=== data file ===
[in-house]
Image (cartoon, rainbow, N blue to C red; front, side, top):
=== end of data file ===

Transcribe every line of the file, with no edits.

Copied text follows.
[in-house]
Image (cartoon, rainbow, N blue to C red; front, side, top):